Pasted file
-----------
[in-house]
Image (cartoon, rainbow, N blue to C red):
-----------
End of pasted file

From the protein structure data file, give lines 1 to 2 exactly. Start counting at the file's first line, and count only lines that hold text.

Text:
[in-house]
Image (cartoon, rainbow, N blue to C red):